The stock is still down about 15 and has yet to post a truly positive trading session. On Friday the stock had a minute gain, but other than that, it hasn't done much to impress early investors.

That is, of course, unless you're someone looking to trade minute-by-minute or hour-by-hour in order to turn a real quick profit.

"It's a day trader's paradise right now," Douglas DePietro, managing director for sales trading and trading execution at Evercore Partners, told CNNMoney.com. "There's high volatility and high volume."

soundoff (772 Responses)
  1. ughh

    i can imagine how the honeymoon on. they have to work asap

    May 23, 2012 at 6:50 pm | Report abuse |
  2. pastmorm

    It's called KARMA. YOU get back THREE fold what you give out. zuck was a government pawn. It didn't work out and now facebook will fail because people will NOT be controlled by a stupid site!

    May 23, 2012 at 7:27 pm | Report abuse |
  3. Really?

    This all about fools believing there is really value in this dog of a company. Fools gold

    May 23, 2012 at 7:29 pm | Report abuse |
  4. zoomzom

    I hope facebook is not too large to fail or else we all will be footing the bill bailing them out, warning just in case.

    May 23, 2012 at 7:39 pm | Report abuse |
  5. Zman

    Facebook is going to be just like Myspace within a year or two. I don't know why people think it's different. It's not. It's just a fad.

    May 23, 2012 at 7:43 pm | Report abuse |
    • Parker

      Any halfwit can say that but myspace never had anywhere close to 900 million users. I'm sure Yahoo thought google was just a fad. WRONG. FB is not going anywhere

      May 23, 2012 at 8:03 pm | Report abuse |
    • Millenial Messenger

      If Zuckerberg were smart he'd market to the baby boomers and settle into an evergreen relationship with them. My parents love finding their old high school chums. Baby boomers are into it. Too bad he will never market it that way. He could stabilize the price at a more realistic value and build a catered AARP e-com marketplace, etc. He needs a better marketing team around him. Too many eggheads make a messy omlette.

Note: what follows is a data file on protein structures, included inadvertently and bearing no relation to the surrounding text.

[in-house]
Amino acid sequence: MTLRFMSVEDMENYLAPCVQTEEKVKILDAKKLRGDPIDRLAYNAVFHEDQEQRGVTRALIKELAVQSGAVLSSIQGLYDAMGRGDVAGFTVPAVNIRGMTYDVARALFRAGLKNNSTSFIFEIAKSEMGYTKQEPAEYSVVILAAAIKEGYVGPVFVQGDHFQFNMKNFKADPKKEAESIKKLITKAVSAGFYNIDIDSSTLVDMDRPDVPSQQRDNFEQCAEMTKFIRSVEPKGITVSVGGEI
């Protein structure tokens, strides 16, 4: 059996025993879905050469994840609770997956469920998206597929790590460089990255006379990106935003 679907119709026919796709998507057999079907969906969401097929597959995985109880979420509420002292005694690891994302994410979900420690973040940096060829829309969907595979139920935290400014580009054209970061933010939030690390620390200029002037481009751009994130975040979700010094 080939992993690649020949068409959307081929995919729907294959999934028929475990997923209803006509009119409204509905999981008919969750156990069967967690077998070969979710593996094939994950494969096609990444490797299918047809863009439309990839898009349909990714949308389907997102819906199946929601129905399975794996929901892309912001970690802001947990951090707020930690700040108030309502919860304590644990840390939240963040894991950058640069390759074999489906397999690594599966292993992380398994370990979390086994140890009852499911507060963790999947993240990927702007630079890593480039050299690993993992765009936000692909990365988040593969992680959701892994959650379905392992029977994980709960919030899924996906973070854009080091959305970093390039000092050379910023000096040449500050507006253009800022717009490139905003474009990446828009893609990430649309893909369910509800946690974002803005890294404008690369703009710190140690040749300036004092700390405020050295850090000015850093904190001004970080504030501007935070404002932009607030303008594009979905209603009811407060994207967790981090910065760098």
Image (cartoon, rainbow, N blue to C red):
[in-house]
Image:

May 23, 2012 at 8:07 pm | Report abuse |
    • Arthurrrr

      wow- you are so wrong. you are neither a prophet nor very intelligent.

      May 23, 2012 at 8:23 pm | Report abuse |
    • Judy

      Yes. Case closed.

      May 23, 2012 at 9:13 pm | Report abuse |
    • Brian Berry(calmchessplayer)

      Oh Facebook just hiked the price before it went to the market then were like oops and told their major investors the true price. They probably thought they were at a Casino 🙂 Its a huge mistake but it will probably all buff out in the end.

      May 23, 2012 at 9:41 pm | Report abuse |
    • Alternatively

      Totally agree with that Zman! This company has all the substance of cotton candy! Avoid!

      May 23, 2012 at 10:24 pm | Report abuse |
  6. was it worth it

    thats what you get for renouncing US citizenship,

    May 23, 2012 at 7:53 pm | Report abuse |
  7. Penny Nickels

    I still have a Myspace account. I even use it from time to timel

    May 23, 2012 at 8:40 pm | Report abuse |
  8. calvin

    Zuck, my man, you should NEVER have ventured into the snake pit, AKA Wall Street. You're too young and they're going to eat you alive. Good luck dealing with all this.

    May 23, 2012 at 9:29 pm | Report abuse |
    • NEWK36

      Mr. Zuckerberg. What the hell is the matter with you? On the surface you have a good life. You seem smart, you have a beautiful bride. You let one of the seven deadly sins start gnawing on your beautiful castle. GREED has brought many a "good" person down. Everyone was concerned about whether or not you had a pre-nup. One thing for sure. You are letting GREED bring you down.

      May 24, 2012 at 1:05 am | Report abuse |
  9. Andrew White

    The problem started the day he got married. Atlleast the IPO debuted with some profit, the day earlier. But the troubles started the day he got married. Something ominous here.

    May 23, 2012 at 10:41 pm | Report abuse |
  10. M3

    A fairly mindless response there. Don't need a lot of space to muster up the fact that Zuck wanted to make more money. He erred by venturing into waters where he is no longer the ultimate boss. Game over for this guy.

    May 24, 2012 at 2:21 am | Report abuse |
  11. mickey1313

    I remember that, but a bet none of the gazillion girls on it do.

    May 24, 2012 at 4:35 am | Report abuse |
  12. info411plumb

    Dot Com Bubble 2.0 Anyone?
    It's Friday, March 10, 2000 all over again....
    How short our memory is that so many will fall for Hype like this 12 years later all over again...

    May 24, 2012 at 5:27 am | Report abuse |
  13. SilverHair

    greed all around.

    May 24, 2012 at 6:27 am | Report abuse |
  14. Trisha

    Im so sick of how the wealthy in this world do things, I dont care anymore! All they do is screw things up!

    May 25, 2012 at 2:12 am | Report abuse |
  15. Jack Mehoff

    I'm ready to buy some shares of facebook when it hits $10. Until then it's just a lot of over valued hype.

    May 25, 2012 at 2:18 am | Report abuse |